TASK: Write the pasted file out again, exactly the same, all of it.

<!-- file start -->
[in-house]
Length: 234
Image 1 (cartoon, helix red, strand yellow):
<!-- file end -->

[in-house]
Length: 234
Image 1 (cartoon, helix red, strand yellow):